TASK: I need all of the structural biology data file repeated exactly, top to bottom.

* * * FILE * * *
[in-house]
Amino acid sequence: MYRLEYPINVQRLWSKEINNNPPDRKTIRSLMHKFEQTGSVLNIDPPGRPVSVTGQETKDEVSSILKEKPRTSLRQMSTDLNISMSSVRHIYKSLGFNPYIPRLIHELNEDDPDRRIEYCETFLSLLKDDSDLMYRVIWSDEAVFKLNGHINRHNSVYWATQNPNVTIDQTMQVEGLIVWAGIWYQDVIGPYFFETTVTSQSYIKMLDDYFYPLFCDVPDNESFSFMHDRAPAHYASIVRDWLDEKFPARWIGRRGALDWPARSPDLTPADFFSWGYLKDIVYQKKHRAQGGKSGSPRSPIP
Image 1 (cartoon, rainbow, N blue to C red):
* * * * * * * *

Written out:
[in-house]
Amino acid sequence: MYRLEYPINVQRLWSKEINNNPPDRKTIRSLMHKFEQTGSVLNIDPPGRPVSVTGQETKDEVSSILKEKPRTSLRQMSTDLNISMSSVRHIYKSLGFNPYIPRLIHELNEDDPDRRIEYCETFLSLLKDDSDLMYRVIWSDEAVFKLNGHINRHNSVYWATQNPNVTIDQTMQVEGLIVWAGIWYQDVIGPYFFETTVTSQSYIKMLDDYFYPLFCDVPDNESFSFMHDRAPAHYASIVRDWLDEKFPARWIGRRGALDWPARSPDLTPADFFSWGYLKDIVYQKKHRAQGGKSGSPRSPIP
Image 1 (cartoon, rainbow, N blue to C red):